Hand signals are utilized throughout our daily lives to communicate non-verbally. Whether it be a sweep of the hand as you offer an "After you," an "I do not know" shrug accompanied by skyward palms, or simple thumbs up in approval, we use hand signals daily. While hand signals are not typically used while driving, aside from the occasional road rage incident, there are situations where utilizing hand signs may become imperative.
Suppose your vehicle's turn signals have stopped operating correctly or a brake light goes out. In that case, hand signals provide a way to communicate safely with other drivers about your intention of changing lanes or slowing down.
Depending on your DMV-appointed driving test instructor, and state laws, you may also be required to recall hand signals on your road test to achieve your driver's license. Understanding essential hand signals and what each sign means helps maintain the safety of all divers on the road.
Slow Down or Stop
Suppose you are in an unfortunate situation where your brake light has malfunctioned or stopped working. In that case, you can safely indicate to other drivers your intent to slow down or stop using the following steps.
So, extend your left arm from the driver's window, pointing your arm downward, with your fingers extended and palm facing rearward. This hand signal is a universal sign of slowing down your vehicle. Keep your arm in this position, visible to other drivers behind you, until you have safely come to a complete stop. If stopping in an emergency, search for the safest location to stop to avoid any potential collisions.
Due to tailgating and rear-end accidents, warning other drivers of your vehicle's movements can prevent you and others from becoming injured. In addition, drivers need to begin signaling they are slowing down or stopping if using hand signals in advance of them performing the stop, providing other road users ample time to respond.
If your signal lights have stopped operating correctly, the left turn hand signal should be used before changing lanes to the left or turning left. Extend your left arm straight out of your left side window, palm facing forward. It's important to remember that drivers will think you are slowing or coming to a stop if you do not maintain the proper hand position. Keep your right hand on your steering wheel, hold the left arm position until completing your left turn safely, and retract your arm back into your vehicle. Therefore, it's imperative to keep your arm in the left turn position until the turn is complete to ensure all drivers in the lanes you are leaving and joining know your intention and that you also have a signaling malfunction.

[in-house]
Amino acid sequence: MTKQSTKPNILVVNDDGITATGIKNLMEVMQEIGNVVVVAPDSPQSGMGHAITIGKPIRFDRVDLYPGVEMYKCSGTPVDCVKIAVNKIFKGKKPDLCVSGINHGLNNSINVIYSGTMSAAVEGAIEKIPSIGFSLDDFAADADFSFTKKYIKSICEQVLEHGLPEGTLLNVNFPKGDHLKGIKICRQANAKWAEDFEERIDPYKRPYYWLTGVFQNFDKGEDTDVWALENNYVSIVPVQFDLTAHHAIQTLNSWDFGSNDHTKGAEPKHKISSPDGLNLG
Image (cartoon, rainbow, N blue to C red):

Since a driver can not change their seat position, a right turn requires using the driver's left arm instead of their right arm. Therefore, prepare to signal for a right turn before changing lanes.
With your left arm extended out of the window, bend at the elbow, and raise the hand up with your palm forward. Maintain this position until you have safely completed the right turn.
The right-hand turn signal is universally recognized and alerts drivers of a turn or lane change. If you have a passenger with you, asking your passenger to signal a right turn for you may be tempting. But while it may have been seen before, legally, it's the driver's responsibility to make each hand signal.
When To Use Hand Signals
Every state requires drivers to signal their intentions to other road users. If turn signals or brake lights fail, hand signals are the best way to signal to other drivers.